May is National Stroke Awareness Month. Stroke is brain damage caused by a blocked blood vessel or bleeding in the brain. It is the fifth leading cause of death in America and a leading cause of adult disability.
Signs of Stroke
Symptoms vary widely depending on the portion of the brain affected, but there are some common signs of a stroke that should throw up a red flag for you to see your doctor immediately about, including but not limited to:
- Slurred speech
- Weakness, numbness, or paralysis of the face, arm, or leg (i.e. crooked smile)
- Dizziness, loss of balance, or loss of coordination
- Numbness on one side of body
- Sudden blurring or loss of vision in one or both eyes
- Loss of one half of the visual field in one or both eyes
Stroke Prevention in Seniors
Strokes are very common, especially among the senior population, and can be prevented both by being able to identify symptoms of a stroke and by taking steps in everyday life to reduce the risk of stroke. Here are some actionable items to guide you:
- Have your blood pressure checked at least every two years. Reducing your diastolic blood pressure by just a little can cut your risk of stroke nearly in half.
- The blood-thinning prescription drug warfarin or aspirin can greatly decrease the risk of stroke.
- Have your cholesterol levels checked, eat a low-fat diet and exercise regularly.
- Walk, if you can. Staying active can reduce your risk of stroke.
- Quit smoking. Ask your doctor about the many strategies available to help you quit.
- Follow your doctor’s dietary and medication recommendations for lowering your blood sugar.
- Maintain a healthy weight and eat a nutritious and balanced diet.
- If you have mechanical heart valves, you should be taking warfarin, and your doctor should do blood tests regularly to make sure the dose is correct.
- Although unproven, a diet rich in foods containing vitamin E may reduce the severity of a stroke.
Visit the National Stroke Association Website for more information about strokes, preventative measures and life after a stroke.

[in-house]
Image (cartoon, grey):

Recovery from Stroke
If you or a loved one has experienced a stroke, recovery may bring on many challenges with the tasks of daily living. A home caregiver from BrightStar Care can help in a number of ways as you transition home from the hospital. Our professionally trained in-home care providers offer help with everyday personal tasks as well as household responsibilities. For more information about how BrightStar Care can help you or a loved one, contact your local BrightStar Care team or call 866.618.7827.
National Stroke Association is the only national non-profit organization in the U.S. that focuses 100 percent of its efforts on stroke by developing compelling education and programs focused on prevention, treatment, rehabilitation and support for all impacted by stroke.
The American Stroke Association is a division of the American Heart Association dedicated to prevention, diagnosis and treatment to save lives from stroke.
The American Stroke Foundation provides multifaceted services that are dedicated to improving the quality of life of stroke survivors and their caregivers, encompassing many different levels: physical, social, psychological, and economic.
The Brain Attack Coalition is a group of professional, voluntary, and governmental organizations dedicated to setting direction, advancing knowledge, and communicating the best practices to prevent and treat stroke.
YoungStroke is a nonprofit advocacy organization formed to specifically address the unmet needs of young adult stroke survivors and their caregivers.